Mswas’ CBR-III Review #22 – A Dance With Dragons by George R. R. Martin08/14/2011
“A reader lives a thousand lives before he dies… The man who never reads lives only one.”
How true. Lines like that are the reason I read George R. R. Martin: a simple truth that moves you. It’s too bad that he buries these nuggets in pages and pages of…other words. Martin is the King of Tangents, and frankly it’s a bit wearing. I’ve been a huge fan of the books since the 90’s. A very good friend of mine and I would have a two person online book club and read up to a certain point in Clash of Kings or Storm of Swords, and then discuss what we’d read. I have gone back and read them all when new ones were coming out, to refresh my memory and charge straight into the new ones. I think I’ve read Game of Thrones four times or more.
My interest and my friend’s interest dwindled in the intervening years until Feast for Crows came out. She didn’t read it and I think it was out for a good long time until I picked it up. And then HBO began planning the Game of Thrones TV series. I considered rereading the series when the show was in this stage, and I was cautiously optimistic about the show’s prospects. It wasn’t until the announcement that A Dance with Dragons had a publication date that I really went back and read it all AGAIN. I have only written reviews of Game of Thrones so far, but I had to put something down about Dance with Dragons.
And what to say? I’ll say what I’ve been saying for a while now. Martin needs a better editor. Each of his books is more bloated than the next, and DWD did not avoid the bloat either.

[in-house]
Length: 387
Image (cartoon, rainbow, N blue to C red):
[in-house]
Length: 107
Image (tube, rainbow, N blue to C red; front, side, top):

In this, the fifth book of the series, Martin is introducing new characters and new major subplots. Important characters from previous novels, such as Catelyn Stark, are nowhere to be found. Martin spends a large portion of the book on Dany’s story in Mereen, across the sea from Westeros. You know what? I just didn’t care about what was going on there. If he’d left it all out and had the facts briefly recounted by a sailor coming to shore, I’d have been thrilled. That’s where Martin goes wrong. He doesn’t need to keep the Mereen tale, or some of the other tangents he’s gone off on, in the same book.
Let me give you an example. I’m also a fan of Diana Gabaldon, author of the Outlander series. She’s on the eighth of that series, and each one of them is over 800 pages at least. She also focuses on one of her minor characters, Lord John Grey, in three of his own novels/novellas, each around 300 pages. The tales of what happens to Lord John don’t really impact the Outlander series, except to enhance our perspective of the character and delve more into his personality. I would argue that Martin should have done the same thing with Mereen, and possibly other tangents.
Other storylines do advance, some of them in quite satisfying ways. But in the end, it was a long slog through a lot of pages where not much happened. I am still looking forward to more books in this series, and I’m enjoying the discussions with new fans and friends. I only hope that Martin really delivers at the end of this series. I’m still waiting for Winter to come.